(500) Days of Summer

MPAA Rating: PG-13 | Rating: ★★★★★
Release year: 2009
Genre: Comedy, Coming-of-Age, Romance Director: Webb

This is a story about a boy and a girl, but this is not a love story. The narrator makes this abundantly clear right at the beginning of (500) Days of Summer. And for the next 90+ minutes, the story perfectly portrays the postmodern romantic zeitgeist.

For those of us under the age of 30, we’ve grown up in a media-saturated world with two contradictory views about love. There is the naively idealistic notion of love portrayed in popular films and music. This is the soul-mate love, the “I just can’t help it” love, the sweaty palms and broken hearts kind of love. This is the Jack-and-Rose, the formulaic romantic comedy, the idea that there is someone special out there for each of us.

Then there’s the biological/hedonistic view of love, which has mostly has to do with either hooking up or procreating. There aren’t soul mates or warm fuzzy feelings in love; our exorbitant amount of divorces and crappy marriages proves it. When scientists find the chemicals in our brain that make us “love” someone and we watch our parents’ marriages fall apart, we’re convinced that true love might not even exist. So if it doesn’t exist, we might as well take advantage of what nature gave us and hook up with the hottest people we can find before we get old and wrinkly.

We’re given both views quite readily, and sometimes even in the same song, film, or TV commercial. (As a case study, read the lyrics to every song off Justin Timberlake’s album “Bringing Sexy Back.” He jumps from heartbreak from a monogamous relationship to hooking up with the hottest and/or drunkest girl at the club. When he proclaims that he is the bringer of all that is sexy, he must know what he’s talking about.)

Tom has the former view of love. He’s idealistic, emotion-driven, and a bit angsty. Tom’s existence in L.A. is rather mundane, working for a greeting card company and wondering where his life is headed. That changes when the titular character of Summer enters his life. And for 500 days, Tom’s life is defined by this enchanting woman with her frank honesty, her ’60s hairstyle, her bright eyes, and her complete disinterest in love. Summer is the latter type of love. She’s very up front about not wanting a serious relationship and holds on to her opinion of love for the length of the film. The two are a perfect contrast, which makes them a perfect couple for this case study on love in the 21st century.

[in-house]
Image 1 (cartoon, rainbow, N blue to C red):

The narrative jumps all over the place during those 500 days, painting an elaborate mosaic of a story. For the Internet-using ADD generation this film represents, this style of narrative is perfect. We see Tom and Summer in every mood as their relationship begins on that idealistic high and sinks to a devastating low upon breaking up. (Yes, they break up. This isn’t a love story, remember?). Filmmaker Marc Webb uses some creatively original elements to communicate the emotion of the moment, from dance sequences to animation. A particularly wonderful scene sets up a split screen between Tom’s expectations and reality, contrasting the two simultaneously and allowing the audience to really feel Tom’s disappointment when his dream begins to fall apart.

The film is also infused with pop culture. Some are quite discernible, such as a romp through IKEA and references to The Beatles and The Smiths. Some are a bit more obscure, like a sequence where Tom sees himself in Ingmar Bergman films. There is a heavy reference toThe Graduate, as Tom’s entire view of love is based on a misreading of the film (and sad British pop music). But this is where our culture is at, right? I wonder how much of my generation’s view of love is influenced by romantic comedies, pop songs, and the observation of their parents’ failed marriages.

As a film, the story is never dull, the cinematography is creative and original, the characters are delightful (if a bit frustrating at times), and the script is refreshingly honest. For all of the ups and downs of love in the story, it has a strong message about the power of marriage and true love when it’s finally found. Despite being raised on the Internet and wondering if true love really exists, we have hope. There are healthy relationships out there. Love does exist; it just takes the right person at the right time. (500) Days of Summer is the Annie Hall of the 21st century and one of my favorite films of 2009 thus far.

IMDB Listing: http://www.imdb.com/title/tt1022603/

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